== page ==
Safe Solutions

Combustible dust: a rare but deadly hazard

It is difficult to imagine a construction work site—especially one involving roof system removal and/or installation—without a fair amount of visible dust. Environmental, health and safety professionals rightly focus on hazards related to dust generated from cutting products containing sand; asbestos fibers in dust created during demolition or installation operations; and a variety of other dusts that pose risks to workers.

However, some recent manufacturing-related incidents have drawn attention to the risks associated with another type of dust that—though rare at construction work sites—can have catastrophic effects: combustible dust.

Different from other dust types, combustible dust's significant hazard is not related to worker inhalation, absorption or ingestion of dust but fire and explosion hazards associated with dust.

Effects and risks

According to the Occupational Safety and Health Administration (OSHA), combustible dusts are solids ground into fine particles, fibers, chips, chunks or flakes that pose a fire or explosion hazard when suspended in air under certain conditions. OSHA recently published OSHA 3371-08 2009, "Hazard Communication Guidance for Combustible Dusts" to assist manufacturers and importers of materials likely to produce combustible dust by identifying protective measures and providing pertinent information on material safety data sheets.

In the guidance document, OSHA cites five elements necessary for a combustible dust explosion: combustible dust, an ignition source, oxygen, dust dispersion in sufficient quantity and concentration, and the dust cloud's confinement.

Combustible dust's most serious effects can be devastating as the following cases have demonstrated:

  • In 2008, a sugar dust explosion and fire at a sugar refinery killed 14 workers and left many others seriously burned.
  • In 2002, five workers died in an explosion at a rubber fabricating plant when accumulated rubber dust ignited.
  • One worker was killed in a series of explosions at an automotive wheel manufacturing plant when aluminum dust ignited.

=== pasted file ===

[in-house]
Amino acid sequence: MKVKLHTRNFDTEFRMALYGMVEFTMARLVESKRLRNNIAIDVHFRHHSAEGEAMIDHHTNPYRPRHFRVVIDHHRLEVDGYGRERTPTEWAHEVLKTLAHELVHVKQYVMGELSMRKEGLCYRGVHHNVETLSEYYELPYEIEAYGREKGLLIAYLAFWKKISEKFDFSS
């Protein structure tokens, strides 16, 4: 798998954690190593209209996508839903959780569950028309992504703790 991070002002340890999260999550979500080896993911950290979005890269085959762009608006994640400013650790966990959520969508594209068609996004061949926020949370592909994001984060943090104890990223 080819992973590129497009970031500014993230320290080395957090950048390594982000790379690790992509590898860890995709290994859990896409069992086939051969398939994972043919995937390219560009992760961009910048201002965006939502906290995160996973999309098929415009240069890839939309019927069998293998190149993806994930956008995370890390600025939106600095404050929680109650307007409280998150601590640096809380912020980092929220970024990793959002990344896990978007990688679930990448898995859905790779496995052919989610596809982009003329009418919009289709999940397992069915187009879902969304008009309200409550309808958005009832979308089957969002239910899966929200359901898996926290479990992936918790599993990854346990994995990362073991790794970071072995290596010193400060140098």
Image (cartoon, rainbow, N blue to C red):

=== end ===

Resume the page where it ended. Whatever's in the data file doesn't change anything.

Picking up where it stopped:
• Six workers died at an electric power generating plant when coal dust in the facility ignited and exploded. Fourteen other workers were seriously injured.

Combustible dust hazards typically must be addressed by the operator of a facility in which material that may produce combustible dust is manufactured, processed, ground or otherwise handled.

Roofing-related concerns

For roofing contractors, it can be difficult to fully understand the processes undertaken in facilities where roofing work is being performed. Such limited awareness is potentially dangerous when roofing workers are exposed to dust, fumes and vapors vented from interior operations through roof exhaust vents.

However, when OSHA first instituted a National Emphasis Program on combustible dust in 2008, it provided a list of industries with more frequent or high-consequence combustible dust explosions and fires. Such industries include wet corn milling; electric energy transmission or distribution; flour or grain milling; chemicals and chemical preparation; electroplating; smelting and refining nonferrous metals; pharmaceutical preparation; sawmilling; sugar refining; and aluminum foundries.

Be aware

Although a combustible dust hazard is unlikely during roofing operations, you should be aware of exhaust systems, dust collection systems and explosion prevention systems employed at facilities and located near rooftop operations. Efforts then can be made to avoid compromising those systems' functions, thereby reducing the chance of combustible dust fires or explosions.

Harry Dietz is NRCA's director of risk management.



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